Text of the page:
Chlorine Removal Gardening

Chlorine Removal Gardening

Understanding and How To Manage Chlorine in Gardens

Chlorine removal gardening is often misunderstood. Most gardeners are aware that Chlorine can prove to be harmful to their plants, choosing rain water as a means to keep their plants healthy and hydrated over tap water from the spigot.

[quote]Chlorine kills—that’s why it’s added to municipal or city water sources, so that water does not get contaminated easily as it travels to the end and out of your tap.[/quote]

For organic, soil and soilless growers Chlorine removal gardening means plants perform better because the natural healthy soil web of life that transforms organic matter into nutrients for plants relies on microbial life that is killed off by Chlorine. Brewers and Pond Enthusiasts are other people that often count on water quality.

Chlorine kills—that’s why it’s added to municipal or city water sources, so that water does not get contaminated easily as it travels to the end and out of your tap.

Levels over 0.2 PPM (parts per million) kill off microbial life, making Chlorine removal gardening important.  Most tap water is formulated and engineered to come out of the tap end at around 0.5 PPM and retain near 0.2 PPM four to twenty four hours after coming out of the tap, ie to help keep the cold water jug in your fridge from contamination. For organic growers, whether soil, soilless or hydroponics Chlorine will harm the living forces that make these methods work.

Now what about the other end of the Chlorine spectrum?  Conventional hydroponic growers often prefer to keep recirculating nutrient solutions free of microbial activity, as the nutrient they supply in careful formulations are already in forms available to the plant (no microbes required)

Some studies actually show that plants grow the fastest when there is no microbial competition at the roots—however that is typically not a sustainable situation…build it, and they will come: microbes are in the air and water already.  It’s more about keeping populations in check or conversely, keeping populations of beneficial microbes, leaving no room for the “bad guys”.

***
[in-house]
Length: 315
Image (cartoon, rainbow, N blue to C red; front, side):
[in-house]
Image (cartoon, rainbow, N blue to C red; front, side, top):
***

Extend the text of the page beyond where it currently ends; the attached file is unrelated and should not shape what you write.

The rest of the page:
So how exactly does Chloride (Cl-) fit in with hydroponics?

Most experienced hydroponics or water culture growers agree that the most practical and effective way to use Chloride (the base molecule in chlorine) is to Zap the water free of pathogens before it is introduced to the cropping system, and from there either:

i) keep the solution sterile or

ii) introduce only populations of beneficial microbes or organic nutrient sources and maintain optimal conditions favouring beneficial microbes.

How to REMOVE Chlorine for Hydroponics and Gardening

Most tap water sources will contain some form of chlorine, requiring chlorine removal gardening.  Chloramines are more prevalent as of late in City water supplies because it is cheaper over the longer term to consistently treat larger volumes of water.  The persistence and stability of chlorine in Chloramine form makes Chloramines harder to remove—and to measure at home.

More traditional and common forms of Chlorine additions are easier to remove, although not any less important to do so for the health of micro-biology assisting in the health of your soil and the food crops you grow.

If you leave water out overnight, especially if stirred or aerated, a lot of the Chlorine (so long as it’s not as Chloramines) will be reduced significantly.  However, it doesn’t take much to harm microbiology for plants, and unless you can teat for Free Chlorine levels and Chloramines you are only guessing.

The easiest and most effective way to do this job is via Activated Carbon filtration.  Depending on what kind of filter you choose, it’s totally possible to water from your hose by turning the spigot while removing Chlorine to at or near Zero levels in real time.  No waiting overnight to water the garden!

KDF Activated Carbon is intended for removing or greatly reducing Chloramines—if you have a City Water supply, this is probably what you will need.  Otherwise, a good quality activated carbon water dechlorinator filter will do the job and costs a little less to buy.

Selecting a Water Filter for Chlorine Removal Gardening:

How often will you be using it, and do you need to use a lot of water?